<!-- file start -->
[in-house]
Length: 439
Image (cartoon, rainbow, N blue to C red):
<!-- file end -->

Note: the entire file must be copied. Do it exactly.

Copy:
[in-house]
Length: 439
Image (cartoon, rainbow, N blue to C red):